Rocksteady Studios return to the series is a fantastic one. In closing out the same tale that they started back in 2009, they have gone back to their already stellar framework and improved upon it in ways that probably few fans could have guessed (or even desired on their own). Batman: Arkham Knight is as much as a statement about Rocksteady’s pride and talent as it is simply a fantastic game.
Arkham Knight throws us back into the present day for Batman, one year after the events of Batman: Arkham City. Scarecrow is back and has forced a city-wide evacuation in Gotham with the threat of a new fear toxin. This leaves a vacuum in which his militia fills, an effort led by a mysterious Arkham Knight fellow who seems to have some sort of history with Bats, as well as all of the Big Bad Guys of Gotham.
The Dark Knight, however, is dealing with his own set of problems. Coming out of the events of Arkham City, our brooding hero has to deal with the death and absence of the Joker. (Slight spoiler alert ahead for Arkham Knight.) It begins to manifest somewhat physically as a brush with Scarecrow’s toxin reacts with the Joker’s blood in him and he begins to hallucinate.
This is easily the strongest component of the game. Its narrative is just top-notch throughout with some spectacular turns sprinkled all around. The singular flow of Batman: Arkham Asylum is missing, but it also fixes the broad and reaching plot of Arkham City.
But most importantly, it is thematically dense and significant. Batman and Joker have always been closer than the Caped Crusader would rather admit, but this game addresses it in an exceptionally potent way. Batman can throw around tough guy lines (like responding to a concern about the militia taking him down with a gruff “they won’t”) but the Joker that’s inside his head is voicing all the fears and doubts and insecurities that his gravel-soaked machismo hides.
Some of the twists are not even twists in the conventional sense, but rather that the game does a great job of building up to increasing degrees of “oh no oh no oh no” instead of a single “buhhhWHAT.” It cultivates a sense of dread of the inevitable that, unfortunately, will likely land under the category of Divisive.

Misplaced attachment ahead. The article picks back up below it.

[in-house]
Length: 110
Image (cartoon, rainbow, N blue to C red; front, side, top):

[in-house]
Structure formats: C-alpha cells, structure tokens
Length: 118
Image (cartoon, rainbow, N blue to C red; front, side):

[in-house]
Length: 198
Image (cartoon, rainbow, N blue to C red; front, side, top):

The story, however, manages to inform some of the gameplay in interesting ways. For instance, just as Scarecrow has cobbled together the likes of the Penguin, Two-Face, et al. in an uneasy alliance, Batman has friends he works with. There’s a new Dual Play mechanic that allows you to switch between characters like Catwoman, Robin, and Nightwing in combat and predator sections as well as outside of them.
It adds a much needed wrinkle to an old fighting system. That’s not to say that it’s not good (it’s just as great as you remember and a welcome reminder of how to do it right) but there certainly was a monotonous drone to it all as you reached the ends of the past games. Having you dip in and out of different move sets and teaming up for dual takedowns adds spice and variety to it all, reminding you to still have fun with it.
Other than that, though, the combat is still the Freeflow system. The difference is that Rocksteady has tweaked how you use Batman’s gadgets into a more manageable button structure as well as how they fit into reactions to certain enemies. That was a huge problem with Arkham Origins; at a certain point, it all got so convoluted that you just regressed into a meat and potatoes kind of fighter instead of a resourceful, skillful one.
A lot of that has to do with the enemy designs and progressions. There isn’t much of a tutorial to speak of—almost a self-aware recognition of this being “another” Arkham game—but instead relies on throwing complexity to you and have you figure it out. And it works because it’s intuitive. From preparing for encounters to strategizing the mixed use of combat and stealth techniques, it just makes sense.
Medics revive so you stop that, but you soon find out they can charge dudes up with electricity, a concept you are introduced to with henchmen with stun sticks. So now you have a similar enemy created preemptively by another one that can also bring them back. At this point, you have an idea of how to deal with the results and a priority. It’s a guidance that has a stunning lack of hand-holding that is most welcome.